There’s intended irony in the parallel I draw between Romney’s attitude toward Palestinians and the British imperial view of Kenyans, considering the unhinged ramblings of Dinesh D’Souza and Mike Huckabee on the subject of President Obama’s alleged “anti-colonial ideology.” The author of a crypto-racist, pseudo-Freudian volume in whose telling the president’s position on everything from interior decoration to tax policy is foreordained by his father’s incontrovertible foreignness may assert that “my argument has nothing to do with the ‘birther’ claim,” but this is plainly untrue. As Amy Davidson notes in an excellent New Yorker piece on the aforementioned statuary controversy,  
[T]he shadow behind Churchill’s bust is birtherism, or its less conspiracy-minded companion, the conviction that Obama is, by virtue of his heritage, alien and un-American. This notion was most blatantly expressed by Dinesh D’Souza. […] This is part of a larger story about how Obama is really an anti-colonialist socialist who doesn’t like countries like Britain or America. In this telling, all that Obama keeps hidden about himself is exposed because he just can’t stand to look Churchill in the eye.
“Less conspiracy-minded” than a tale of document forgery is the belief that the President of the United States, driven by an un- and anti-American worldview, has repeatedly sought elective office in order to purposefully enact policies that would hamstring and damage a country that he secretly loathes? That even a writer unsympathetic to either narrative should describe them in this way reveals an unhealthy focus on the forms of criticism rather than their substance. To aver that the President is not legally an American is considered out-of-bounds to all but the most ridiculous figures in our political scene, yet it’s deemed acceptable and plausible for others to suggest not simply that Obama’s policies are bad for America, but that they are intentionally so!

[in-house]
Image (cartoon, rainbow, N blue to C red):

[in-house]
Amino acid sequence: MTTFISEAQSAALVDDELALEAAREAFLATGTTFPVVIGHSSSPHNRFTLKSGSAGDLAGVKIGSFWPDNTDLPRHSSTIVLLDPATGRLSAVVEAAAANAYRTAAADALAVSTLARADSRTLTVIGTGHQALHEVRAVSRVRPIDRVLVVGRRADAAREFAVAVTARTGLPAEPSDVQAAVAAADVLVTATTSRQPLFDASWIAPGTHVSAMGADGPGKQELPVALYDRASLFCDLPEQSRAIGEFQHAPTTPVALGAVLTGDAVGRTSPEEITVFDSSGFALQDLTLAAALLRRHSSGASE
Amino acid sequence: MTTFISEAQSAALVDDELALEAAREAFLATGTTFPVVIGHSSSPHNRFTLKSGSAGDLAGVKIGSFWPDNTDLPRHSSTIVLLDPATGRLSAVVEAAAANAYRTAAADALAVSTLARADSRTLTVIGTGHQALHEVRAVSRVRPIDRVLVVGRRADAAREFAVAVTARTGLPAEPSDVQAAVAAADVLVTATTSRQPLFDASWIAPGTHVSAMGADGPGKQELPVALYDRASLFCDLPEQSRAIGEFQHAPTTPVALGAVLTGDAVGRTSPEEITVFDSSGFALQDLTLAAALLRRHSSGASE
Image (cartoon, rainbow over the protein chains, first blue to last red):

A candidate for the presidency can’t say this, of course, lest he be made to look like a raving lunatic. Or worse, he may be accused of casting doubt on his opponent’s patriotism—and patriotism is a subject with which the American electorate simply will not tolerate you messing around. But he and his proxies and surrogates can insinuate as much, and this is exactly what both Bust-Gate and Culture-Gate are all about: boiling down complicated, ambiguous reality to proclaim an objective truth (Churchill was an unvarnished American hero! Israelis are comparatively successful because they think and act like Westerners!), framing that “truth” as an essentially American consensus, and then insinuating that the president simply stands outside this consensus. The message is this: Barack Obama does not share our American values.